The final renormalized geometrical mean values of ‘Connectivity and Infrastructure’ helped to rank cities within the domain. In the context of min/max normalized results of all indicators, the renormalization of the geometric mean was calculated, where, in this dimension, Faisalabad is ranked first with 1.0, followed by Multan (0.48), Rawalpindi (0.37), Bahawalpur (0.37), Gujranwala (0.28), Lahore (0.20), Sialkot (0.22), and Sargodha (0.00). Lahore was among the lowest ranked, which seemed to contradict the perception that Lahore has more roads and better infrastructure than other cities. Lahore has good scores in terms of PTAL and dual carriageway roads, but due to its large land area/population and higher reporting of road accidents and fatalities, it resulted in an overall low marking [31]. Faisalabad was ranked first due to the road densities and PTAL index value being high, and the overall connectivity remains better than other observed cities. However, Sargodha was ranked lower due to having the lowest score in overall connectivity and infrastructure, especially in road densities as well as the flight ratio. It was concluded that most of the roads in Lahore were marked as insufficient in quality due to the higher number of lanes, large widths of road segments, and the large number of all-direction intersection points, causing accidents and casualties. Furthermore, a positive impact also exists in the case of Lahore as the PTALs score is good due to the high density of roads for accessibility. As per the latest developments in the research, GIS and remote sensing played a vital role in accurately assessing the livability of various cities. India selected 21 spatial indicators to assess the spatial pattern of Raiganj, and this city showed a 0.75 livability index score, being ranked as the most livable city. The findings of the study recommend that the southern part of the city is the least suitable for living because future expansion will mainly be in the eastern direction of the city. As per the results of the study, despite Lahore being at the top position in multiple indicators and ranked as the most livable city, there are very serious policy implications that future expansion will be more likely towards the southern and northern sides of the city [53]. Therefore, development expenditure on the infrastructure of the southern and northern sides of the city and the urban sprawl must be regulated through land use zoning and better urban planning.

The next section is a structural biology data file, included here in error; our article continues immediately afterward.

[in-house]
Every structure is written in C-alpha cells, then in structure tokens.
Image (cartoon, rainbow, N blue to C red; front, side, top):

The ‘Quality of Life’ dimension modeling assessed Gujranwala as the best city as it produced a score of 1.0 because almost 100% of the population of Gujranwala has access to basic health and education facilities. The other observed cities were ranked in the following order: Rawalpindi (0.96), Lahore (0.95), Faisalabad (0.68), Sargodha (0.50), Multan (0.36), Sialkot (0.27), and Bahawalpur (0.00). The results showed that Gujranwala’s score was the highest because of the literate population, as well as health facilities, and the quality-of-life standards were high with respect to other observed cities. Lahore has the highest value of nightlight flux, while Bahawalpur is considered to be the lowest ranked due to the illiteracy and low percentage of the population that has access to educational institutes. Gujranwala has better access to the health facilities, as most of the facilities are within reach of the residents.